- Jan 8, 2011
Source: Google Chrome preparing an option to block insecure HTTP downloadsGoogle Chrome is preparing to launch a security option that will block “insecure” downloads through HTTP.
Over the last few years, Google has been adding new protections to Chrome to help encourage the use of HTTPS connections wherever possible.
Most notably, the browser now marks any older HTTP website as “Not Secure” in the address bar. Chrome also, by default, blocks secure websites from using insecure web forms or offering insecure downloads. This combination of secure and insecure elements is called “mixed content.”
More recently, the company created a toggle in Chrome’s security settings to “Always use secure connections.” Enabling this tells Chrome to attempt to “upgrade” to the HTTPS version of websites, if you ever accidentally navigate to the insecure version. If a secure version isn’t available, an on-screen warning is shown, asking if you would like to continue.
According to a new code change and associated explainer, Google is looking to expand that toggle to also protect Chrome users from any and all potentially insecure HTTP downloads. This goes beyond the existing mixed content download protections by blocking downloads from any connection even associated with an insecure website.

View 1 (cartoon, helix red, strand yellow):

Credit: 1352598 - chromium - An open-source project to help move the web forward. - MonorailDate: Thu Dec 29 18:05:55 2022
Add support for insecure download blocking
This CL adds the implementation for insecure download blocking. When the
previously-added flag is enabled, it will show a warning for all
downloads that were not securely delivered. This warning must be
explicitly ignored before the download will complete.
Insecure downloads can be insecure because of:
* the initiating page being insecure,
* the final file URL being insecure, or
* any redirect along the way being insecure.
This implementation is designed to let mixed download blocking behavior
take precedence over insecure download blocking generally. That means
that any download that's a mixed download is still blocked silently.
That means that this implementation is slightly over-complicated for
now -- since mixed downloads trigger on the final URL being insecure or
any redirect along the way being insecure, the only time that insecure
download blocking could trigger is if the initiating page is insecure.
The logic below theoretically could capture all three cases, though,
since I plan to widdle away the mixed downloads code soon, and it felt
valuable to keep insecure download checking comprehensively defined.
Future CLs will add metrics and clean up a lot of old mixed download